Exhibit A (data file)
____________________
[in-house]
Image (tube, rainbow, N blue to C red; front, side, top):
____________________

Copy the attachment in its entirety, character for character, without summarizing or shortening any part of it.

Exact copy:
[in-house]
Image (tube, rainbow, N blue to C red; front, side, top):